12 hours cleaning the bathroom? Really? 😳 Wow. I’d make hubby clean it. I understand how you feel though. I hate it when my husband smokes and the entire house stinks. The only problem with a smoke detector in the bathroom is that shower or bath water steam can set it off. If anyone gets up early and showers, you may be peeling yourself off the ceiling.

I would stake out the bathroom and stand outside the door while she’s in there. “Are you smoking in there, Mother Dear?” If she says no, tell her she must be on fire then because you smell smoke. Be a giant pain. Give her no peace. Keep on her until she gives up. And tell hubby to man up and tell his mother your house is a smoke-free zone.
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Reply to Ahmijoy

With her having dementia, depending on the level, she will need to be constantly supervised if she is handling anything like lighters, matches, etc. People with dementia can't even be left unsupervised with stoves, ovens, fans, etc. when they reach a certain stage. Having direct confrontations with her, probably won't be helpful. She may know that she is lying to you OR she may have a delusion about it. And, you really can't convince someone with dementia that things are a certain way, when they believe otherwise. And, even if you did, she'd likely forget about it shortly thereafter. So, it's rather pointless.

I'd figure out who is going to do the supervising and how her smoking will be handled by those in charge. She won't be able to continue running things her way, because it could impact her health and others, due to risk of burns and fire If she's a longtime smoker, not allowing her to smoke at all, would likely be very upsetting to her. I'd discuss it with her doctor. Even though smoking is bad for your health, if you are already terminally ill with dementia, I can see how continuing to smoke may be her decision and I wouldn't stand in the way, if it could be done without harm to others.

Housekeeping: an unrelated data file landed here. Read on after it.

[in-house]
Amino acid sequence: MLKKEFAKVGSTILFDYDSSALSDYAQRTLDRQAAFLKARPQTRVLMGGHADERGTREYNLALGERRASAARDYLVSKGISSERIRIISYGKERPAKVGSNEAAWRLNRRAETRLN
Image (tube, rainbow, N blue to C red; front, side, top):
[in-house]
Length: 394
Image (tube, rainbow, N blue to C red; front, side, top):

Most of the AL's that I have seen allow smoking, but, it's supervised for those with dementia.
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Reply to Sunnygirl1

Don't know about ur state but in mine no one can smoke in a public place, bathroom included. Being your house, you have a right not to have her smoke and your husband should back u up. When she calls to visit, tell her she cannot smoke in your house. If she feels she cannot guarantee this, then tell her she can't visit. Your husband has left it up to you. If smoking in public is a no no, tell her the nxt time she smokes in a public place, you will report her to management.